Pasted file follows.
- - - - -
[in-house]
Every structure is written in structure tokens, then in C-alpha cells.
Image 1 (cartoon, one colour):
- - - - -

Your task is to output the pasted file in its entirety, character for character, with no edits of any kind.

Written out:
[in-house]
Every structure is written in structure tokens, then in C-alpha cells.
Image 1 (cartoon, one colour):